“In conclusion we want to state our belief that any other course by which the existing inequalities in the Dingle tariff are continued, will result in a continuance of the agitation for a thorough revision of the tariff and thus keep the country in a state of uncertainty and suspense. We appeal to you as friends of protection to improve the opportunity you now possess and discharge the duty that rests upon you to revise Schedule K of the Dingley tariff so that it will be fair to all and an enduring monument to the wisdom of the 6lst Congress.
“Yours very truly,
1 News item in the Pittsfield Advertiser. July 1,1909.
Dobson discusses Wool Schedule K
Gordon Dobson of Pittsfield, vice-president of the Carded Woolen Manufacturers’ Association sends the Daily Trade Record the following letter regarding one of the points raised in the recent address of Joseph R. Grundy before the Wool Growers’ Convention at Portland, Oregon.
“Editor Daily Trade Record:
“Sir – The address of Joseph R. Grundy, published over a month after it was delivered at Portland, Oregon, is so transparently fallacious that it will deceive few who read it, but I desire to call attention to one of the statements in it because they (sic) are repetitions of arguments that for forty years have been brought into service whenever Schedule K has been attacked. Mr. Grundy says:
“‘It does not require three pounds of all kinds of wool in its natural condition to make one pound of scoured wool, yet wools are abundantly produced in the world, which, in scouring require three pounds to make one pound of scoured product, and protection for these insures the full measure of protection to growers of wools of less shrinkage when levied in this rate.’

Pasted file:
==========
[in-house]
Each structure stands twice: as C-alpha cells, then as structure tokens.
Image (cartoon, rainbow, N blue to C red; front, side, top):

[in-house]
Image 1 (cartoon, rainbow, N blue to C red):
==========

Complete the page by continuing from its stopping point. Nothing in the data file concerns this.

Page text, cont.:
“The worsted spinner imports no wool that requires much more than three pounds for one pound of worsted cloth. Large quantities of worsted wool are imported that yield one pound of cloth from two and a half pounds of wool.
“The carded woolen manufacturers, on the other hand finds (sic) that not only four pounds, but frequently five or six pounds of the wool he requires is needed for one pound of cloth. Under such conditions a specific duty of eleven cents a pound on grease wool operates powerfully to favor the worsted spinner and put the carded woolen manufacturers out of business. This is always the inevitable result of a specific duty on wool.
“But for the sake of illustration let us suppose that such discrimination under the wool duty was not alone fatal to the carded wool industry. Then the compensatory duty would be equally effective in putting the carded woolen mill out of business because the law grants a uniform rate of 44 cents a pound. The carded woolen manufacturer requires a compensatory duty as high as 55 or 66 cents if he imports the heavy wools, while the worsted manufacturer requires but 33 cents at the most, and only 24 3/4 cents on a very large part of the wool he imports. In other words, the compensatory duty is too low for the heavy goods required for the carded woolen goods and is too high for the light shrinking wool used for worsted cloth. And yet, under these outrageously unequal conditions, Joseph R. Grundy, a worsted spinner, comes forward and says his industry requires the 44 cent compensatory duty on goods, not because the heavy wools are imported, but because they are produced in the world. It would be unfair to charge Mr. Grundy with having originated this absurdity for the purpose of bringing the wavering
ranks of the wool growers at Portland into line with the worsted spinners. He did not originate it. It is heavy with age, and many years ago was stated in the Senate Chamber by Senator Aldrich of Rhode Island, in order to defend this schedule framed by the worsted spinners and for the worsted spinners.